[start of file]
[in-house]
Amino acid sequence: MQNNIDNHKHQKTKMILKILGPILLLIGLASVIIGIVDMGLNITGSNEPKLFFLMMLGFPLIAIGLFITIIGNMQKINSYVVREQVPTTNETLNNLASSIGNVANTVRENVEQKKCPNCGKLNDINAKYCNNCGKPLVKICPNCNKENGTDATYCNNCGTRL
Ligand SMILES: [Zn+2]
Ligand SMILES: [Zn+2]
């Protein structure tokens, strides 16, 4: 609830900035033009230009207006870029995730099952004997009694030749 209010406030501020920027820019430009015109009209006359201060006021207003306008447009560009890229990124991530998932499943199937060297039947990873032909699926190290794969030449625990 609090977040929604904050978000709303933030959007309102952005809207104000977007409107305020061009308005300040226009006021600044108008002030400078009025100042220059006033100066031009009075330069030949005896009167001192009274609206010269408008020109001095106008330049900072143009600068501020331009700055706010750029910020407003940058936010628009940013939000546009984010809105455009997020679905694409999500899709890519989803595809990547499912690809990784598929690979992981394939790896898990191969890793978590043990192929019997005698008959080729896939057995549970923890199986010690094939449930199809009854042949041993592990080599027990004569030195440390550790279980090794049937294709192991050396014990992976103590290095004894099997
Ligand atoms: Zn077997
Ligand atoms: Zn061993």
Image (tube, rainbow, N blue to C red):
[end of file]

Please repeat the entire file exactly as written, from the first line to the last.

[in-house]
Amino acid sequence: MQNNIDNHKHQKTKMILKILGPILLLIGLASVIIGIVDMGLNITGSNEPKLFFLMMLGFPLIAIGLFITIIGNMQKINSYVVREQVPTTNETLNNLASSIGNVANTVRENVEQKKCPNCGKLNDINAKYCNNCGKPLVKICPNCNKENGTDATYCNNCGTRL
Ligand SMILES: [Zn+2]
Ligand SMILES: [Zn+2]
């Protein structure tokens, strides 16, 4: 609830900035033009230009207006870029995730099952004997009694030749 209010406030501020920027820019430009015109009209006359201060006021207003306008447009560009890229990124991530998932499943199937060297039947990873032909699926190290794969030449625990 609090977040929604904050978000709303933030959007309102952005809207104000977007409107305020061009308005300040226009006021600044108008002030400078009025100042220059006033100066031009009075330069030949005896009167001192009274609206010269408008020109001095106008330049900072143009600068501020331009700055706010750029910020407003940058936010628009940013939000546009984010809105455009997020679905694409999500899709890519989803595809990547499912690809990784598929690979992981394939790896898990191969890793978590043990192929019997005698008959080729896939057995549970923890199986010690094939449930199809009854042949041993592990080599027990004569030195440390550790279980090794049937294709192991050396014990992976103590290095004894099997
Ligand atoms: Zn077997
Ligand atoms: Zn061993």
Image (tube, rainbow, N blue to C red):